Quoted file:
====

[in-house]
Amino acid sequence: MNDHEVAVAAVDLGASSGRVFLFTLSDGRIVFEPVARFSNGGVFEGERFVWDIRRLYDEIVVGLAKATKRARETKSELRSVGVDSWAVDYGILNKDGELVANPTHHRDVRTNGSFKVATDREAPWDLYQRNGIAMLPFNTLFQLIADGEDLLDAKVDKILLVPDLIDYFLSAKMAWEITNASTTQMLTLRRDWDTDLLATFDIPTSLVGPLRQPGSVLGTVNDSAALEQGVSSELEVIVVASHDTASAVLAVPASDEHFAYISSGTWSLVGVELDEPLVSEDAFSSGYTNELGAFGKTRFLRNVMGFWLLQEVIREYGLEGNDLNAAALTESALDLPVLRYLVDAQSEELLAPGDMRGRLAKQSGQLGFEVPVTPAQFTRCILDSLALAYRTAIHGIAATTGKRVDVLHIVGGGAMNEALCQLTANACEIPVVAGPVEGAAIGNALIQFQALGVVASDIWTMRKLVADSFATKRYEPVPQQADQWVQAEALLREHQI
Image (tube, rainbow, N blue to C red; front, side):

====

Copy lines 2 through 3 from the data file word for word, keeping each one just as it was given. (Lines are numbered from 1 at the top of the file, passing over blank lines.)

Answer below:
Amino acid sequence: MNDHEVAVAAVDLGASSGRVFLFTLSDGRIVFEPVARFSNGGVFEGERFVWDIRRLYDEIVVGLAKATKRARETKSELRSVGVDSWAVDYGILNKDGELVANPTHHRDVRTNGSFKVATDREAPWDLYQRNGIAMLPFNTLFQLIADGEDLLDAKVDKILLVPDLIDYFLSAKMAWEITNASTTQMLTLRRDWDTDLLATFDIPTSLVGPLRQPGSVLGTVNDSAALEQGVSSELEVIVVASHDTASAVLAVPASDEHFAYISSGTWSLVGVELDEPLVSEDAFSSGYTNELGAFGKTRFLRNVMGFWLLQEVIREYGLEGNDLNAAALTESALDLPVLRYLVDAQSEELLAPGDMRGRLAKQSGQLGFEVPVTPAQFTRCILDSLALAYRTAIHGIAATTGKRVDVLHIVGGGAMNEALCQLTANACEIPVVAGPVEGAAIGNALIQFQALGVVASDIWTMRKLVADSFATKRYEPVPQQADQWVQAEALLREHQI
Image (tube, rainbow, N blue to C red; front, side):